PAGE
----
Beyond the Comparisons: What Makes America Great Part I

Large government programs, huge amounts of wealth, or even being a superpower are not what make America great. America was great before it ever was wealthy, powerful, or had instituted large social welfare programs. America does not rise above other nations because of what she accomplishes collectively.

America distinguishes itself because it is the only nation to believe, and to still believe just barely, that the individual is more important than society or the government that rules over a society. The Founding Fathers saw that the best government was one that served the individual and not the other way around where the individual exist for the benefit of the government. The United States is based on faith and hope in the transcendent ideas of individual freedom, individual compassion and virtue, and the right of each person to pursue happiness, compassion, mercy and truth through belief and action. From these ideas come the two most important individual rights: the freedom of religion (thought or conscience) and the freedom of speech. These two rights put the “human” into humanity and fuel the torchlight of what America symbolizes to the rest of the world craving the light of individual freedom.

America’s greatness and compassion cannot be measured by making comparisons to other nations because it comes about by providing hope to individuals and by providing opportunity for individuals to maximize their potential. That is the genius of the American experiment. Greatness and genius, however, do not equate to perfection. Much like the myriad ways that individuals can be imperfect, the nation as whole does reflect that and as its many angry critics point out does fall short. However, it must be said an imperfect America striving to fulfill lofty and transcendent ideas is head and shoulders preferable to all other flawed and fallible nations ruled by more conventional and human ideas of governing and power.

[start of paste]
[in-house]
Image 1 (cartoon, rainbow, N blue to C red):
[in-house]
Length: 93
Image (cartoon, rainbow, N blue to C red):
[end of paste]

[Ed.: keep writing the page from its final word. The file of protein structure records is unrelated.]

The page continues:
Mormons and Negative Media: An Alternative Peaceful Response

I like to follow the news, but I try to not to get too caught up in it and become a prisoner of the moment. But this week, I can’t help but comment on the recent crisis in the Middle East over the film made here in America with depictions of Mohammed, the man Muslims claim to be their founder and their prophet.

First of all, it’s never a good idea to mock or profane what others hold sacred even if you are free to do so. Growing up as a member of the Church of Jesus Christ of Latter Day Saints (LDS) my whole life, or as Mormon, I know that the Mormon Church has been subject to anti-Mormon literature and media since its inception. These attacks have not just come from secularist but oftentimes and sometimes more virulently from people of other faiths.

I understand what it feels like to have people denigrate what you value most as an individual and not only denigrate your belief system but outright lie about it. In fact, the Mormon Church is now the subject of maybe one of the most successful Broadway plays ever, an obscene-laden parody produced by no less than the creators of South Park. The movie, the Innocence of Muslims, as far as scale goes and success pales in comparison to the Broadway play, Book of Mormon. Heck, the play won nine Tony awards. However, the Mormon Churches response was the following:

“The production may attempt to entertain audiences for an evening, but the Book of Mormon as a volume of scripture will change people’s lives forever by bringing them closer to Christ.”